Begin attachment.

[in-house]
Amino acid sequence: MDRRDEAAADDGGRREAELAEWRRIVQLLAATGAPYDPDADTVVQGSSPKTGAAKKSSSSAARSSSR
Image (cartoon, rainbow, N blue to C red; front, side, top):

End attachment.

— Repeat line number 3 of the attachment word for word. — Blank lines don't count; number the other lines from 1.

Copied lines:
Image (cartoon, rainbow, N blue to C red; front, side, top):